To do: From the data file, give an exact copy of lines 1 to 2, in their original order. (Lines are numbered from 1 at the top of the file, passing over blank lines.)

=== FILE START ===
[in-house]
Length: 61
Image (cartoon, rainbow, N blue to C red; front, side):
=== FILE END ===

[in-house]
Length: 61